Hackers may access your clients names and valuable contact information including physical addresses. Not only that, but also social security numbers and employee identification numbers. And to make matters even worse, your company website may get disabled and you can no longer collect your payments or even take orders. Imagined that? That is a possible scenario in the case of a hacker attack or information breach.

At this point, having cyber liability insurance coverage for your company would sure come in handy.

Cyber liability insurance because when it rains, it pours.

What is Cyber Liability Insurance?

According to the AMSWins Group, Cyber Liability Insurance may cover.
– Privacy Liability (Covers loss of personally identifiable employee and customer
– Security Liability (Covers failure to prevent the entrance or spread of a virus/hacker
– Website Media Liability (Covers libel, slander and copyright infringement from your
website content.)
– First Party Cyber Extortion (Covers expenses to respond to a threat to harm or release
your data as well as cover ransom payments if necessary.)
– First Party Privacy Breach Response
– Customer Notification Expense
– Credit Monitoring Expense
– Computer and Legal Forensic Expense
– Credit and Identity Repair Expense
– First Party Business Interruption and Data Recovery Extra Expense
– Regulatory Defense and Penalty

Cyber insurance makes a lot of sense for enterprises and but here are some important reasons why you should consider this option for your small business too.

1. Cyber Liability is less expensive than you would probably guess.
2. Cyber Liability will usually cover more than you would probably guess.
3. More than likely you do not have a good risk management team.
4. You will still  be responsible even if your not hosting your data personally.
5. General policies will not cover you.

You should always make absolute sure your cyber policy will cover your businesses mobile devices and any company laptops too, so you make sure that you have coverage in as many areas as possible. Work with your insurance broker to incorporate cyber liability coverage within your general liability policy and also your employment liability coverage policy. You want make sure that your company has as many areas covered as possible. And as always with insurance, expect the unexpected.

Cyber Insurance Market

Cyber insurance markets have been growing at between 25-50 percent each year. According to The Betterley Report 2015, annual policy premiums are approaching $2.75 billion and the ecosystem of insurance underwriters, intermediaries/brokers, analysts/management consultants and compilers of insurance market information is evolving rapidly, trying to make the most of this rising tide.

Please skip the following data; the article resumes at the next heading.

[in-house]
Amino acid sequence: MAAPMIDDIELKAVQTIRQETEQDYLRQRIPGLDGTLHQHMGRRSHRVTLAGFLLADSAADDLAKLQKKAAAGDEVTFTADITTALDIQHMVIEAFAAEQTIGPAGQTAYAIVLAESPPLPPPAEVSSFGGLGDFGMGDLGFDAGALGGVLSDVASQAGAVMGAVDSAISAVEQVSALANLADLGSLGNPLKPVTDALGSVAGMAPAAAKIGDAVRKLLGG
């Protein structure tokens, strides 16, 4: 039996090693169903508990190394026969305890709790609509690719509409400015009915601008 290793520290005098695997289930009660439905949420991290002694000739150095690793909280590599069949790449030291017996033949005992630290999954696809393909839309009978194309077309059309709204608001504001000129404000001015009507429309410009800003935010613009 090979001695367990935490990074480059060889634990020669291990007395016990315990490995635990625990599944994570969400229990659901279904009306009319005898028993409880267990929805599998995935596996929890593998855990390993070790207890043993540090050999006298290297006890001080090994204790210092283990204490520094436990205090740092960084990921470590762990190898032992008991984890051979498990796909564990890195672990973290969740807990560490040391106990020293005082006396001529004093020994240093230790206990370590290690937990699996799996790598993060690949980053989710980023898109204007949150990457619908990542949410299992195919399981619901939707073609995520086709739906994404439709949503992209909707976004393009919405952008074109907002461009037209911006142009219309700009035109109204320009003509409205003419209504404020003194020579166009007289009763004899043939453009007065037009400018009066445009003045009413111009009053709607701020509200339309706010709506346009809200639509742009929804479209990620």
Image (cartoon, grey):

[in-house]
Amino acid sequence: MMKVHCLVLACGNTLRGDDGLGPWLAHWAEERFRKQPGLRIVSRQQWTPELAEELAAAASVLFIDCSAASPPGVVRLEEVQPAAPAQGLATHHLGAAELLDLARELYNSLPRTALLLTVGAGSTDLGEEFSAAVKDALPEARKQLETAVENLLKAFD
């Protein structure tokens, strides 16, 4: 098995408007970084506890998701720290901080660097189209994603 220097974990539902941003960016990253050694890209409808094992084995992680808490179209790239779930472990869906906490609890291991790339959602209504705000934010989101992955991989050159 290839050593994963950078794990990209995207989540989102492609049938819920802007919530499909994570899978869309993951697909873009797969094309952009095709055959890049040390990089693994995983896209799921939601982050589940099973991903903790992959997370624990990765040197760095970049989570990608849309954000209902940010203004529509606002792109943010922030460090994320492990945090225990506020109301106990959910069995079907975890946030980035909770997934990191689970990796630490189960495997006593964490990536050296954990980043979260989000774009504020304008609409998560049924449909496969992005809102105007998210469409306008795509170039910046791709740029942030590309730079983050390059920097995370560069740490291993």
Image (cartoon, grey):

Most insurers were convinced that their opportunities are to sell cyber-risk coverage to mainstream companies that have significant cyber-risk exposures.
Many of those prospective insureds are already the insurer’s customers, looking for coverage not present in traditional policies. The experience of a
distressingly large number of organizations—both large and small—in the past few years is perhaps only the tip of the iceberg representing the threat of data
and intellectual property theft facing businesses worldwide. Insurance protection to backstop IT security safeguards must be carefully considered for businesses and institutions, such as hospitals, educational institutions, and public entities.

Cyber Insurance Policy

A cyber insurance policy should cover expenses related to the management of an incident, the investigation, the remediation, notification of the subjects, call management, credit checking, legal costs, court attendance and regulatory fines.
– Multimedia/Media liability cover. Third-party damages covered can include specific defacement of website and intellectual property rights infringement.
– Extortion liability cover. Typically, losses due to a threat of extortion, professional fees related to dealing with the extortion.
– Network security liability. Third-party damages as a result of denial of access, costs related to data on third-party suppliers and costs related to the theft of data on third-party systems.